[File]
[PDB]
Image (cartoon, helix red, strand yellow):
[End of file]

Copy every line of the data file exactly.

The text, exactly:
[PDB]
Image (cartoon, helix red, strand yellow):